forms of furniture as they came into being did not displace the earlier forms or make them less beautiful. “Beauty,” he says, “can never be out-moded or voided even by another and later form of beauty. To the good folk of Queen Anne’s time the innovations of the Georgian designers may have seemed as extremely modern as does the modern furniture to us today.”

The Best Cannot Quarrel

^'OMBINING the old with the new in furnishing is by no means a modern idea. One often sees furniture of various periods blended with excellent effect. We are told that sometimes the furnishers of Queen Anne’s time would place in the midst of a room of sober brown walnut a gorgeously lacquered highboy of Chinese decoration, and achieve thereby a beautiful ensemble. This brings to mind the description, given by G. B. Stern in her book The Matriarch, of the Rakonitz drawingroom . . “It was curious how the style of decoration, the brocades and candelabra that came from Venice and Vienna, the furniture of the First French Empire, the Bokhara rugs and the cloisonné ornaments blended in with the quiet dignity of Georgian architecture. It may be that the best in art cannot quarrel.” There are many ways iruwhich it is possible to combine the old and the new satisfactorily. I saw a room recently in which ancien! and modern art were admirably blended. The old furniture consisted of several chairs, tables, and a love-seat of the Queen Anne period, while the new included a davenport with boxlike end-tables, a cabinet with some of the new pottery and some modern lighting fixtures. The whole effect of this was uncommonly good.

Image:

The reverse of this arrangement would be equally harmonious. The chairs and incidental tables might be all modern in type and the larger pieces belong to an older day. Sometimes clever contrast is more satisfactory than close harmony in such combinations, or the modern note may be introduced by drapery fabrics, rugs and small accessories.